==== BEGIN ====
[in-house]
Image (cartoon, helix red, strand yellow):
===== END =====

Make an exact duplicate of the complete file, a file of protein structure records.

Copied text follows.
[in-house]
Image (cartoon, helix red, strand yellow):